Who doesn’t love a good sports documentary? Currently ESPN’s “The Last Dance” about the Michael Jordan led Chicago Bulls has captured everyone’s attention, and on the heels of that, ESPN has a documentary about the 1998 MLB season and the home run exploits of Mark McGwire and Sammy Sosa coming up that should be just as good.
There isn’t going to be an outcry for any hockey documentaries that involve the Winnipeg Jets any time soon, but that doesn’t mean that there isn’t interesting fodder out there that would make for a good hour long program. Given the overly secret nature in how TNSE and the Jets conduct business, I’d be willing to bet there would be a lot of fans who would find a behind-the-scenes re-telling of the following four stories fascinating…
“10 Minutes Away: How A Coyote Return Ended Up A Thrasher Relocation”
True North Sports and Entertainment had spent years building a foundation for the NHL’s eventual return to Winnipeg and as the first decade of the new millennium passed, momentum and fate seemed to be coming together at the right time as the organization had quietly proved their worth to commissioner Gary Bettman, while at the same time, the old Winnipeg Jets who had moved to Arizona and become the Coyotes were mired in years of ownership limbo. With the league directly controlling the fate of the former Jets, it started to feel more and more inevitable that a reunion between team and city was about to happen.
And then with about 10 minutes to spare before a league imposed deadline in 2010, the City of Glendale, Arizona committed to covering team debts and keeping the Coyotes in Arizona. The disappointment for Mark Chipman and his group was short-lived though as attention was turned to Atlanta and a another struggling franchise that had it’s own ownership abandonment issues and a league seemingly less than interested in fighting for the hockey market in Georgia than they were for the one in Arizona.
“Raising Kane: The Rise And Fall Of Evander”
When the Atlanta Thrashers moved north to Winnipeg, Evander Kane – who was going into his third year in the NHL – was poised for a breakout season and had the potential to be the first superstar of the Jets 2.0 era. It started off well enough in the 2011-12 season, with a 30 goal campaign, and a six year, $31.5-million contract signed the following summer that should have cemented his place in the hearts of Winnipeg hockey fans.
But his antics off the ice, from harmless Instagram photos to more severe accusations of misconduct in public including assault, slumps in play on the ice, along with a never ending question if he even wanted to be in Winnipeg even after signing his six year deal, quickly soured the relationship with not just the fans, but with his own teammates. Ultimately the fabled “tracksuit incident” was the final straw which forced a trade to Buffalo that ultimately benefited the Jets more than a single player maybe even could have.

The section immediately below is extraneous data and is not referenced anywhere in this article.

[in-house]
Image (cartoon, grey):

“One Step Forward, Two Steps Back: The Tale Of The 2015-16 Jets”
After three seasons where the new Winnipeg Jets were barely an above .500 team, the club finally squeaked into the NHL playoffs for the first time in 2015 and excitement was at an all-time high. They were loaded with young stars like Jacob Trouba, Mark Scheifele and recently traded for Tyler Myers. Led by playoff experienced players like Andrew Ladd, Blake Wheeler, and Dustin Byfuglien. GM Kevin Chveldayoff added to the team’s depth with smart, underrated acquisitions such as Michael Frolik, Drew Stafford, Jiri Tlusty and Lee Stempniak. Ondrej Pavelec in goal finally started playing to the level expected of him when he signed a five year contract to be the Jets franchise goalie.
Even after a disappointing sweep at the hands of the Anaheim Ducks, it seemed like the Jets were ready to take their place as a perennial NHL playoff contender. That summer though a decision was made in the Jets front office that while things were good, it wasn’t good enough. Pending unrestricted free agents were allowed to walk, the captain was traded mid-season, while the Jets free-fall to the basement of the Central division was harsh and sudden… And it was done on purpose.
“Failed Takeoff: The Disappointment of the 2018-19 Jets”
Only months removed from the best season in Winnipeg NHL history, expectations were high for the Jets to the point where a deep playoff run towards a Stanley Cup wasn’t just wished for, but expected. It seemed all the pieces were in place as well and after the first two months of the season where the Jets were a respectable 14-8-2. Not bad, but also not the dominance that was expected as Connor Hellebuyck struggled, a second attempt to make Bryan Little a viable second line center was not working out, and questionable lineup decisions left fans wondering just who was truly in charge of the team.
Then came the massive goal scoring slump of Patrik Laine, the injuries to Dustin Byfuglien and Josh Morrissey exposed a lack of defensive depth, the stubbornness to keep Mark Scheifele and Blake Wheeler together on a line when separating them would have been worth trying… All of which led to whispers and allegations of team in-fighting and a fractured dressing room.
Despite all this, they still had a 99 point season and qualified for the playoffs again, but by April the writing was on the wall. The most anticipated hockey season in Winnipeg history ended in severe disappointment.
What are some other Winnipeg Jets documentaries you’d like to see? Maybe something involving the lead up to the Jets drafting Patrik Laine? Connor Hellebuyck’s summer of 2017 where he changed up his training with the purpose of becoming a better goaltender? One that covers the entire Dustin Byfuglien saga from this past season would be must see for sure.
Let us know in the comments, or in our social medias!